22 November 2007

Week 24 Blue Ocean Strategy

Blue Ocean Strategy: How to create uncontested market space and make the competition irrelevant by W. Chan Kim and Renee Mauborgne (Harvard Business School Press) is a book I read before applying for this grant. I referenced this book in my application because of its good analytical framework for entrepreneurs to create an business strategy for sustained growth--something very difficult to achieved after attaining blue chip size.

I will discuss a strategy for a company leveraging the power of X3D to enable a blue ocean of value for an individual's life management 3D application, nHand software, which is extensible to enterprise management applications. The discussion will be dual tracked: one for the individual's view and one for the enterprise owners' (i.e., service-oriented and materiel-oriented businesses).

The value innovation (p.16 figure 1-2) is the simultaneous pursuit of differentiation and low cost according to Kim and Mauborgne. Favorably reducing the time, effort and cost to plan, acquire, manage, and archive one's possessions (i.e., man-made and natural resources) and one's health (i.e, fitness, illness, wellness and diet) from pre-birth thru post-death are the strategic goals.

For an enterprise, the goals include reducing the its cost of doing business--less energy consumption, fewer hectares of land, people and/or floor space, or less insurance without more risk exposure. Increasing nHand buyers value by creating X3D models of traded goods and rendered services that are comprehensively tagged with metadata for applications like nHand software to integrate into one's life story is the other pursuit.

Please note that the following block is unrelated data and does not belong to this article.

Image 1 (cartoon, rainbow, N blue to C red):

I must say here I'm not talking about "life-logging", per se--this conceptualization is a subset. At the enterprise level, increasing consumers' value means the same--giving the international standard format of the good or service to a buyer for her virtual world so she can manage her efforts towards her goals more effectively than without having access to the cumulative results of her economic behavior.

So how much time does it take and money does it cost to do this to some arbitrary grade and quality?

A benchmark and baseline have to be documented before a claim of reduction is put forward. For the sake of bounding the limits of X3D information creation, integration and accumulation, assume the life span of economic activity is 100 years (= 36,525 days). For now lets just guessimate an average accumulator of wealth with average American health will need 365 GB (that's 10 MB per day) to archive her 100 years of life's property and personal services. I'll flesh out a better estimate as this grant unfolds. One can hold that much data in the palm of there hand today so toting around a 300 GB or 300 TB solid state or biological storage device that is smaller than the palm of your hand a century from now should not be a surprise. I wonder what's the largest X3D model out there now!

Baselining the time and effort one would have to take just to have an integrated economic record of her health and wealth is difficult--I haven't such a record nor do I know anyone who has! So let's assume several things to get a WAG on this blog and move on. First, the average instances of daily economic and health activities (e.g., she goes to the grocery store and buys 50 items, that's 50 X3D models and 50 instances of economic activity, not cash register receipts) over her life of 100 years is 10, so 365,250. Next, assume it takes a minimum of one minute to log each instance, maybe two minutes, so 365,250 - 730,500 minutes or 101 - 202 days! That's 0.138 - 0.277% of her lifetime just transcribing the alphanumeric only data into the paper or electronic log. Who knows how much time would be spent formatting the data and trending plots resulting from aggregrating the data but let's assume 1 - 2 minutes per item as well. Now the time is up to 0.277% - 0.554% of her lifetime for using the composite data for any number of reasons.

nHand software and business partners have to be faster than 4 minutes per economic and health actions while providing more value to her to be compelling to buy. The same goes for an enterprise. The biggest source of error in my time WAG is knowing how much time it takes for format data and generate the kinds of correlation plots to make sense of all the data.

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